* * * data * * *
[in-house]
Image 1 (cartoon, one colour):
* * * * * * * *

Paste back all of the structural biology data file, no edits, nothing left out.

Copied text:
[in-house]
Image 1 (cartoon, one colour):